It wasn’t just the first prize that was split at the Nielsen Competition in Odense on Friday, writes Andrew Mellor, it was also the jury – but isn’t that the point?
There were jury members who believed different contestants should have made it to the final of the tenth Carl Nielsen International Violin Competition. There always are in such contests; that’s why juries contain more than two people. But in Odense on Friday, the right decision was made on the night. After three performances of Nielsen’s testing Violin Concerto, two players from the original 24 entrants were awarded first prize: Liya Petrova (25) from Bulgaria and Ji Yoon Lee (23, pictured right) from South Korea. American Luke Hsu was positioned third. Both winners receive €11,000, concerto bookings with Nordic and European orchestras and the opportunity to make a recording with Orchid Classics.
The very nature of this competition, in Carl Nielsen’s hometown, makes it a tough one. The composer’s idiomatic concerto is not only long, it’s a tricky customer both technically and aesthetically. Petrova (pictured below) set the bar high on Friday with a performance full of fortitude but not a whiff of nostalgia. Luke Hsu followed with a gregarious, focussed rendition that perhaps wanted the concerto to sound more romantic and more virtuosic than it really is. Finally, Lee joined the Odense Symphony Orchestra and conductor Garrett Keast for a performance with a touch more soul than Petrova’s, if not the Bulgarian’s iron will. But Lee found the most cheek and character in the piece. If I’d have been on the jury, she’d have got my vote.
But only by a whisker. Of the two Tchaikovsky concertos the previous day, Petrova’s was more commanding, Lee’s a touch unsettled. But in her Nielsen at least, Lee appeared to capture the imagination of the audience and the musicians around her. In addition to joint First Prize, she took the Orchestra Prize and the Children’s Jury Prize, each worth €1500. ‘The lyrical side of her playing touched me especially’, said one of the Odense Symphony Orchestra’s cellists after the prize ceremony; ‘I loved it.’ That broad, lyrical style is surely aided by Lee’s instrument: a magnificent-sounding violin from 1730 made by Pietro Guarneri of Venice. Petrova didn’t project quite so well on her 1690 Matteo Goffriller instrument, but the violin is well suited to her steely, determined approach.
Directing Mozart’s Fifth Concerto from her violin the previous Tuesday, Lee also stood out – relaxed, communicative, confident with her ideas but more than secure in her playing too. Petrova’s Mozart had elegance but appeared less engaged with the ensemble, her phrase endings and dynamic range needing more consideration. That there was jury disagreement about the three players who proceeded from that semi-final to the first of the full concerto finals is known. Perhaps that’s why three players, Ji Won Song, Karen Kido and Soo-Hyun Park were awarded a surprise ‘joint’ fourth prize, receiving €1000 each (Hsu’s third prize package totals €8000). Park also took the €2000 prize for the best interpretation of a Danish work.
Even hardened jurors admitted that this competition was a gruelling one. With no rest day until the semi-finals were done, successful players were moved onto new repertoire on a daily basis – straight from the preliminary rounds into those Mozart semi-finals and the challenge of directing the Odense Symphony Orchestra from their instruments. The evening before the prize concert, Lee and Petrova both played the Tchaikovsky concerto – and Hsu (pictured below) the Brahms – under the imposing baton of Nikolaj Znaider. ‘They were tired [in the semi-finals] and that affected each of them in a different way’, one juror told me after the prize ceremony. ‘I think you might have heard something different if they’d had just a little more time.’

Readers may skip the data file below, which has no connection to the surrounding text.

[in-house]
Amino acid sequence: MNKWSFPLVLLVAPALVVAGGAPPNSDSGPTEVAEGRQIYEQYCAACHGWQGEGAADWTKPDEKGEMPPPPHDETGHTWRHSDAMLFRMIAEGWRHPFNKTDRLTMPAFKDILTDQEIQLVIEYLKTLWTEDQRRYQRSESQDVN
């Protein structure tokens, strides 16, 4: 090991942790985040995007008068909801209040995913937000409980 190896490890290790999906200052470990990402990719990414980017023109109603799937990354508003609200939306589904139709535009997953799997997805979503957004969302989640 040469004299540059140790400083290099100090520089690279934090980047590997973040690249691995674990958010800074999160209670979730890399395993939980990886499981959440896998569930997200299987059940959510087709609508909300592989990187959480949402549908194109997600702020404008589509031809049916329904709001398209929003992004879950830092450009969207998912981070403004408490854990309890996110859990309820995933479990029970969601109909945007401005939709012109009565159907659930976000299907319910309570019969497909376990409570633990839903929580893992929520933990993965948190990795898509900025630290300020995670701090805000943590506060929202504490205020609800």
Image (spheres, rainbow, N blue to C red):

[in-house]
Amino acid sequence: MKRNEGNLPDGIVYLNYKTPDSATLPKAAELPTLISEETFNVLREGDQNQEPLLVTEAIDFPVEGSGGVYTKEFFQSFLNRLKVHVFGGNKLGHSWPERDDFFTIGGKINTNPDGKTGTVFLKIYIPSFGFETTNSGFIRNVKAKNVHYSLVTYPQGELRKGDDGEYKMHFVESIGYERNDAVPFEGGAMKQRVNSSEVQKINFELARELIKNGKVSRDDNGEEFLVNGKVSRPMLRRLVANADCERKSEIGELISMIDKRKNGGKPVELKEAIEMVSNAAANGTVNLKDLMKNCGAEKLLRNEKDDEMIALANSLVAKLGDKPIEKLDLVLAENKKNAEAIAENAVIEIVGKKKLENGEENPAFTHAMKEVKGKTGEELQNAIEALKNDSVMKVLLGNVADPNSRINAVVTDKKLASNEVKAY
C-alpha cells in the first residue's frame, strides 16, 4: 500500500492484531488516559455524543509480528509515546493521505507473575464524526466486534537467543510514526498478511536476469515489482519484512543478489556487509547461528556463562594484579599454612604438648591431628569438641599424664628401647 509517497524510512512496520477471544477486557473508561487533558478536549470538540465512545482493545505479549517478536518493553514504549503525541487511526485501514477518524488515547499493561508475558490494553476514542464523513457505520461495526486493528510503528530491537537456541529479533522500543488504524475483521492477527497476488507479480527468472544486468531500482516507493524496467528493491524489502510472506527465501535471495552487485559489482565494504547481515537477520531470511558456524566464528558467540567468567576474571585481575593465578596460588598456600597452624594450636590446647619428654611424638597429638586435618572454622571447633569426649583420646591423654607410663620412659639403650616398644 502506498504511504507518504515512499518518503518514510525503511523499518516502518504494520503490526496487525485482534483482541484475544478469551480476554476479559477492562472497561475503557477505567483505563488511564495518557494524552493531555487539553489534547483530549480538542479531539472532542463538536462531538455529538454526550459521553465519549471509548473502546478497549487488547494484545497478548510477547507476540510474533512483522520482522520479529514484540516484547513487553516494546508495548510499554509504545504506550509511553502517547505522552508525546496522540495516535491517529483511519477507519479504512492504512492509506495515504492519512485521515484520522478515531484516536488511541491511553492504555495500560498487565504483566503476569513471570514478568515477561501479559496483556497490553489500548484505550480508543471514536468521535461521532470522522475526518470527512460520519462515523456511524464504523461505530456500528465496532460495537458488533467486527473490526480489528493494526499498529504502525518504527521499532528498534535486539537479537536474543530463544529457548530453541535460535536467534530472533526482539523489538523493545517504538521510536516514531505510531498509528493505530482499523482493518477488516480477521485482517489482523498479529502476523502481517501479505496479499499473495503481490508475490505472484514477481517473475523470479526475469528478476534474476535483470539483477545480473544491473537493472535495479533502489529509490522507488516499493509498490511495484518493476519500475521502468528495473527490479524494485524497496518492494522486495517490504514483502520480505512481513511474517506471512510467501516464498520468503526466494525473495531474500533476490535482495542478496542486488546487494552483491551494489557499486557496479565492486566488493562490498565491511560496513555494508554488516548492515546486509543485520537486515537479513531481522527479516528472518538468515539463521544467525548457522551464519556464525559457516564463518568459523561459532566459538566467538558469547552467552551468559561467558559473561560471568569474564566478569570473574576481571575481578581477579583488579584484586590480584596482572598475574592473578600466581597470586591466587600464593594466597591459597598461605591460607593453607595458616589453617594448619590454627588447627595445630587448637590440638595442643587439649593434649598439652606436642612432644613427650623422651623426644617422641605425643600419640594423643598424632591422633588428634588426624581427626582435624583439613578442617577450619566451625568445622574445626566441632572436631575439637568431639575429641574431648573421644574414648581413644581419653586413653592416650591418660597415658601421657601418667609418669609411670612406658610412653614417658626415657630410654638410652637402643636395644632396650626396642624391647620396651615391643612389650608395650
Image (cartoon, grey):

And yes, there was controversy. Nikolaj Znaider suggested in an interview with Denmark’s state broadcaster DR that he didn’t believe the best three players had made it to the finale. It was an odd public comment for a jury chair and reckless when considering the mental preparation of the three players who had been voted through. But a jury is a democracy. If Petrova, Lee or Hsu had been affected by Znaider’s comments, it didn’t show – at least not obviously – in their concerto performances.
There were, in fact, two juries deliberating after the performances of Nielsen’s concerto (while the rest of us listened to spirited arrangements of the composer’s songs from Odense’s own Nielsen Folk Band). While Znaider’s jury included Werner Hink, former first concertmaster of the Vienna Philharmonic, cellist Jian Wang, British pianist Kathryn Stott and management aficionado Kathryn Enticott among others, a second jury was chaired by a 13-year-old violinist named Rasmus Keilgaard and consisted entirely of local school children aged 8 to17.
At least the latter chairman had confidence in the process. ‘I think the best players won’, Rasmus told me afterwards. He also spoke of the contestants as role models, of the thrill of being charged with watching live concerto performances two nights in a row and of his own determination as a budding musician. Odense’s three finalists and many of their colleagues are set to enjoy distinguished careers and do great, inspiring work. But the wisdom and vision of setting up children’s juries like this – which looks increasingly common – shouldn’t be underestimated. If anything, it’s an even more exciting prospect.
Photos: Knud Erik Jørgensen